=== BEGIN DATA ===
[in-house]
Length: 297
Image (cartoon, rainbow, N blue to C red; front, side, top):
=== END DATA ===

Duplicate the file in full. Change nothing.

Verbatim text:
[in-house]
Length: 297
Image (cartoon, rainbow, N blue to C red; front, side, top):